Zakat, or charity, is one of the fundamental tenets that underpins the faith of all Muslims. It is, after all, a pillar of Islam.
The giving of wealth to less fortunate Muslims, especially in the Holy month of Ramadan, has a long tradition.
The companions of the Prophet Muhammad, peace be upon him, were famously generous and liberal in distributing their wealth to the poor in Makkah and Madinah.
In our modern world, the preoccupation with wealth, and the dominance of neo-liberal capitalism has shifted the priority of wealth in many people’s lives. In thinking about charity, my Western mind shifts to the use of charitable donations for tax deductions, and the intrinsic relationship that exists between wealth and greed. As Muslims, we need to orientate our minds away from the need to accumulate wealth, towards an approach that reflects the centrality of charity to our faith.
The positioning of Zakat as a pillar of Islam highlights its importance in one’s faith. In fact, the word Zakat means ‘that which purifies’ in Arabic and the virtues of Zakat are highlighted extensively in the traditions of the Prophet Muhammad or Hadith and the Quran; “Believe in Allah and His Messenger (Muhammad), and spend of that whereof He has made you trustees. And such of you as believe and spend (in Allah’s way), theirs will be a great reward” [al-Hadeed 57:7]
There are two main dimensions to charity in Islam: The alleviation of the suffering of poor Muslims, and the benefits towards the Muslim who pays charity. The giving of charity is not only mutually beneficial, but it is also increasingly essential in the current global environment.
Due to conflicts, environmental disasters, climate change, and other devastating incidents, many Muslims will rely on the generosity of their fellow brothers and sisters in Islam this Ramadan as they begin to fast in the midst of famine and war.
In countries such as the Democratic Republic of Congo, Burma, Syria and Somalia, Muslims are fasting in the midst of extreme adversity a testament to their faith in Allah.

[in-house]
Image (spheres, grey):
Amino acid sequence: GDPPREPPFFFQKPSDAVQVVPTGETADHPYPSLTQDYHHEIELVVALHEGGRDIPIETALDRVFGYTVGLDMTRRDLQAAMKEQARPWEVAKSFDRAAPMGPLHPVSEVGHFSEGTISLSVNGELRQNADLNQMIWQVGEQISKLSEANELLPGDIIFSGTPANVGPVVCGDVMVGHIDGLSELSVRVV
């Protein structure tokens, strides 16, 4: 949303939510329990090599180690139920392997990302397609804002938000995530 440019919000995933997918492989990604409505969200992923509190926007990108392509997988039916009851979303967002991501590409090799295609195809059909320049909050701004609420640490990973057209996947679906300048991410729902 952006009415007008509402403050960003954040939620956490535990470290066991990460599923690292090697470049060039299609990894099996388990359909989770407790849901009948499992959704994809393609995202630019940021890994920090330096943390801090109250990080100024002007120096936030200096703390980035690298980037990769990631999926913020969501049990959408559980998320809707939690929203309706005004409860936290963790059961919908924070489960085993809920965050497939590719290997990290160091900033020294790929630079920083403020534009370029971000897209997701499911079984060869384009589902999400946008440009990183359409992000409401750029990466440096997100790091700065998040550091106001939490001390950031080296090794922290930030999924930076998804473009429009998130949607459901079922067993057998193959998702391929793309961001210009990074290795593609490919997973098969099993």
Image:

As we approach the month of Ramadan, we should aim not only to ensure that we gain the benefits of charity, but that we reflect on the fortuitous circumstances in which we find ourselves. The plight of Muslims overseas should not be reduced to a “test or “opportunity for reflection” or poverty simulation exercise for more fortunate Muslims; however we should reflect on the blessings that Allah has provided to us.
As an Ummah, we have the collective responsibility to assist our brothers and sisters in the Congo and Syria, and remembering the importance of charity is one of the most substantial ways in which we can help.
The benefits that are gained through charity are also reflected through the traditions of the Prophet Muhammad and the Quran.
Abu Hurairah reported that the Messenger of Allah (saws) said: “Allah receives charity by His right hand, and then He causes it to grow for each of you. Just as you raise a horse, colt, foal, or young weaned camel, so that morsel becomes as large as the Mount of ‘Uhud.” (Related by Ahmad and Tirmidhi.)
The beauty of charity in Islam is that it multiplies the wealth and blessings of the person who donates their wealth. In societies in which the provision of charity is often regarded as burdensome or an opportunity for financial benefits, the reflection upon charity through the lens of Islamic tradition is refreshing.
As we approach Ramadan, there is an increased need and opportunity to give in charity. By reflecting on the importance of charity in Islam as a fundamental aspect of our faith, we should all dig a bit deeper in our pockets to help our brothers and sisters around the world, and benefit ourselves in this world and the hereafter.